(Reuters) - California’s newest budget package of $152.3 billion in state spending emphasizes large increases for education, pays down debts, and proposes a 32-year plan to fully fund the teachers’ pension system, the state’s nonpartisan fiscal and policy advisor said on Monday
California’s Legislative Analyst’s Office released details on the state’s preliminary fiscal 2014-2015 budget plan, which assumes an 8.6 percent increase over last year’s spending.
The plan boosts funding for schools and community colleges; augments monies for child care and preschool by $255 million; increases in-home support services for the elderly or disabled; offers a one-time $100 million payment to the multifamily housing program; and pays down the state’s $1.6 billion principal on deficit financing bonds.
The new budget proposes a 20.9 percent increase in spending from federal funds, particularly in the healthcare area, and a 53 percent decline in bond spending. Revenues from income, sales and use, and corporate taxes are projected to increase by 5.7 percent, or $5.6 billion, next year.
Total state reserves will decline from $2.9 billion to $2.1 billion by the end of the next fiscal year, according to the LAO's calculations. (Report: bit.ly/1v2B8JU)
Education is a focus of the new budget, with significant increases to kindergarten through high school funding for operational and infrastructure costs. Community colleges will see boosts to some noncredit courses and bonds for eight capital projects.
City College of San Francisco received $29 million in “stability” funding. Termination of the college’s accreditation last year contributed to a precipitous enrollment decline.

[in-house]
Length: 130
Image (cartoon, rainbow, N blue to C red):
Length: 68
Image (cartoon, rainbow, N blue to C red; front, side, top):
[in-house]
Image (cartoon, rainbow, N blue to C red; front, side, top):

This year marks the first in a 32-year-plan to fully fund the $189.1 billion California State Teachers’ Retirement System, which faces a $73.7 billion shortfall from large investment losses during the 2000s and reduced state contributions during the dot-com bubble. The state plans to bridge the gap through increases in member, employer and state contributions.
In July, most state employees received a 2 percent pay increase, while some groups such as highway patrol officers and correctional officers received more, totaling $500 million for the year.
The state budgeted $832 million from its cap-and-trade program for projects designed to reduce greenhouse gas emissions. That includes $250 million for permitting and land purchases to build a high-speed rail system, which should reduce emissions from vehicle and airplane traffic across the state.
Unlike in previous years when California contended with budget gaps totaling tens of billions of dollars, the state is entering its new fiscal year in financially good shape, thanks to new taxes and a surging economy. In June, California finished what it expects to be the second straight fiscal year “in the black,” after four consecutive years of negative ending balances.
The LAO will release a final version of its budget summary this fall.
Reporting by Robin Respaut; Editing by David Gregorio